Thanksgiving is powerful, isn’t it? Two or three generations prepare a meal together. Families come together to sit down, break bread and say what they are thankful for.
If we’re going to the trouble of coming together in this way for one meal, doesn’t it make sense to fill the table thoughtfully, with ingredients that inspire true gratefulness? Opting for a pastured turkey instead of an industrial turkey is one of the best ways to anchor your meal in gratitude.
Industrial turkey is bland and flaccid, pumped with watery solutions in an attempt to improve texture and add “flavor.” The meat comes from birds bred with breasts so big they can’t reproduce naturally, let alone fly. They are debeaked, deprived of outdoor access, fed an unnatural diet, and can’t survive without controversial antibiotics.
Pastured turkey meat is richly flavored, lean and nutritious. It comes from animals that don’t need hormones and antibiotics to survive or cruel debeaking to prevent them from harming each other. They are allowed ample access to sunshine, fresh air, and a nourishing diet of grasses, bugs and worms.
The crowded, inhumane, unsanitary conditions of industrial turkey farms have led to a host of food safety concerns. In April 2013, Consumer Reports analyzed industrial ground turkey products for enterococcus, E. coli, staphylococcus, salmonella and campylobacter. Of the 257 samples tested from stores nationwide, 90 percent were contaminated.
Humane animal treatment is an important reason to choose pastured turkeys. In addition to being free of unnecessary antibiotics, pastured turkey is also more nutritious. Conjugated linoleic acid (CLA) is a fatty acid that has many health benefits, including lowering the risk of heart disease and cancer, and helping people maintain healthy weight. Most people look to grass-fed beef for CLA, but turkey is a surprisingly good source as well.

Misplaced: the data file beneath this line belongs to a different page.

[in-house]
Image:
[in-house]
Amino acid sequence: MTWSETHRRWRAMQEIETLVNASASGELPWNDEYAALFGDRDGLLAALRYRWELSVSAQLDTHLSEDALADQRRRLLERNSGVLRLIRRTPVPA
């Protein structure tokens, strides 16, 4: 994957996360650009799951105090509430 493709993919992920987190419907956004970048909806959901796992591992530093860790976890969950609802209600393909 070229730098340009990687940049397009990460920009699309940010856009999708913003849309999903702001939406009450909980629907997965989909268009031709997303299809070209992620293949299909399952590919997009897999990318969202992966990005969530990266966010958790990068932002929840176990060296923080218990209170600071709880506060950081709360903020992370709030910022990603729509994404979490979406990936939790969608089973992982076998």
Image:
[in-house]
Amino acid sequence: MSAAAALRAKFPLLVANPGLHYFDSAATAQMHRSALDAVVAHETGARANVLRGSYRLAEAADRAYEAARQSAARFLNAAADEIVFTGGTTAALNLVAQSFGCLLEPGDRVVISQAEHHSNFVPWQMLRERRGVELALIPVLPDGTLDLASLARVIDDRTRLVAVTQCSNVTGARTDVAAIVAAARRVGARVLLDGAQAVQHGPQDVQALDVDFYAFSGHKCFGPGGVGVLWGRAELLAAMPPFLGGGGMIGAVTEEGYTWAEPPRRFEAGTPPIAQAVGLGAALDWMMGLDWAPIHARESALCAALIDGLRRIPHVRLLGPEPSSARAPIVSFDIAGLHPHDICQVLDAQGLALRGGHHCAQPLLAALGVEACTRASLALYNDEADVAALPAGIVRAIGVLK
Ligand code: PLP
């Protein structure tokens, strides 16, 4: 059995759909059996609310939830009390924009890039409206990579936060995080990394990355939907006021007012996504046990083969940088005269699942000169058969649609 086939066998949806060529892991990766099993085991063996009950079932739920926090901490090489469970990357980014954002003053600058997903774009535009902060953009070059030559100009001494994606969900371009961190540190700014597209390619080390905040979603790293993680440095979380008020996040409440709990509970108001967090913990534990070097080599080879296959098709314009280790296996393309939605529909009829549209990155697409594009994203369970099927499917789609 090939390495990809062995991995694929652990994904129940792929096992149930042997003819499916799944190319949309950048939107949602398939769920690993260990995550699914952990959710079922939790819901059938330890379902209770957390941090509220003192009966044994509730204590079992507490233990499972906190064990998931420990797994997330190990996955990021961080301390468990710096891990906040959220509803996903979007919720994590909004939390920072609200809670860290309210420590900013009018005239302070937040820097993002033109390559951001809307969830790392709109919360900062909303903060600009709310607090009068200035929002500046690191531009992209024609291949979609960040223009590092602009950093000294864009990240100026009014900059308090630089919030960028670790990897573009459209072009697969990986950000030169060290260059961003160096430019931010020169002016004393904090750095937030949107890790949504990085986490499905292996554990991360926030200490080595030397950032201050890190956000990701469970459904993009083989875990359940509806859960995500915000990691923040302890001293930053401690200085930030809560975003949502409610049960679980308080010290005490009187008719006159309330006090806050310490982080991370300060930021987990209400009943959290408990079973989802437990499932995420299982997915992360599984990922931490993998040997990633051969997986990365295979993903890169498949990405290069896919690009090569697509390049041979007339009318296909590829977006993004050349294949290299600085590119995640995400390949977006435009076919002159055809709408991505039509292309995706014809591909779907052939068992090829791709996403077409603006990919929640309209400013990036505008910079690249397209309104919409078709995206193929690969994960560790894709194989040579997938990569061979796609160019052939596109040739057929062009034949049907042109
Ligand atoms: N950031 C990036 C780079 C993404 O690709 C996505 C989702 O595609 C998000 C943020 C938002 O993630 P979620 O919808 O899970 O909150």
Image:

Pastured turkeys “showcase real flavor,” says Hank Will, American Livestock Breed Conservancy (ALBC) board member and Editor-in-Chief of Grit magazine. “There’s nothing like fresh air, exercise, grasshoppers, ticks, flies and other insects, wild seeds, clovers and the like to develop awesome flavor in the turkey’s flesh.” Properly prepared, pastured turkey is lean and juicy, firm yet tender. The turkey just tastes more like turkey, with naturally larger thighs and smaller breasts, writes Deborah Krasner in Good Meat, a cookbook dedicated to pastured meats.
If you buy a pastured turkey, you may have the added benefit of enjoying a fine-flavored heritage breed, such as American Bronze or Bourbon Red. Conscientious farmers are saving these rare breeds from extinction. In 2008, the ALBC conducted a blind taste test of industrial and heritage turkeys. Judges evaluated flavor, texture, tenderness and aroma in eight heritage breeds and one industrially raised Butterball. The winner was the Midget White turkey. All the heritage breeds beat the Butterball. (Read more about Midget Whites.)
Buy direct. “Free-range” doesn’t always mean that a turkey spent its life outside foraging. It can mean that the turkey was not caged and had access to a concrete pad with no grass in sight. Similarly, “organic” turkeys may get organic grain, but they weren’t necessarily reared on pasture.
Plan ahead. Most pastured-poultry producers require an advance order, which allows them to raise and harvest an appropriate number of birds.
Plan to pay more. Raising finer-flavored breeds naturally isn’t as efficient or predictable as in industrial systems. Expect to pay $2 to $5 per pound.
Be fair to your farmer. Shannon Hayes, who raises pastured turkeys in upstate New York, encourages customers to be flexible about the size of their birds. Farmers cannot completely control the final weight of turkeys. If your bird is smaller than you’d like, make extra stuffing. If your turkey won’t fit into the oven, simply remove the legs before roasting it. (Hayes’ forthcoming book, Long Way on a Little, has instructions for a sustainable Thanksgiving dinner.)
You’ll find many more tips and tricks for cooking pastured birds in the books mentioned here.